Although activist groups, such as Stop Prison Rape (spr.org) have existed for some time, prison rape elimination has been marked by government inactivity. In 2003, Congress passed the Prison Rape Elimination Act (PREA), and then President Bush signed it into law. Essentially a tool for understanding rather than eliminating prison rape, the bill provided for $60 million for a two-year survey of the prevalence of the problem, and additionally for the creation of panels to suggest solutions. In a 2003 editorial in Slate Magazine, Robert Weisberg and David Mills argued that the PREA is an ineffective piece of legislation, as it offers no new or unifying methodologies for studying the prevalence of prison rape, and essentially will only document a problem that most already acknowledge exists. The studies results indicated that 4.5% of prisoners reporting being raped, a number which could be argued is well below actual results, when one considers the underreporting of prison rape.
Prison rape reaches far beyond the concrete and barbed-wiring of American prisons. It is rooted in overcrowded prisons, where ineffectual staff participate in a prison culture that values only power obtained through violence. First-time offenders are the most likely to victimized, initiating them into a pattern of violence and psychopathology that they carry back with them upon release. Medical, mental health, and recidivism costs related to prison rape burden the American taxpayers. HIV, AIDS, and other sexually transmitted diseases spread from within the prison walls to the outside world. The practice adds an extra, hidden punishment to the sentences of the most vulnerable criminals, undermining the validity of our justice system.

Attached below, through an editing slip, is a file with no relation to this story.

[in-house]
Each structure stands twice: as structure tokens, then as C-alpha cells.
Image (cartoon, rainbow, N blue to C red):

To move past this, we must move beyond the simple numbers game of the PREA and take a serious look at the values that inform our ideas about crime and rehabilitation. If Dostoyevsky is correct in judging the true character of our civilization by entering our prisons, then we are failing miserably- our system of retributive justice would show us to be a cold, vengeful society. A start in terms of policy is simply to put less people in prison. Overcrowding is a serious indicator of prison rape, and prison culture creates violent sociopaths out of non-violent first time offenders. There are other options available, especially for those with substance-abuse related crimes. The next step is to examine our prisons closely and make the administrators who run them accountable, not just to the bottom line of operational costs, but to the quality of life of inmates. Our legal system needs to embrace its constitutional roots and uphold the 8th amendment rights of inmates, accepting rape as a part of everyday prison life is not acceptable. Most important to a new approach, based on restorative justice and rehabilitation, is that it must begin with an examination of basic American cultural values, and we must make the leap to valuing a person's dignity and humanity even though they have committed a crime.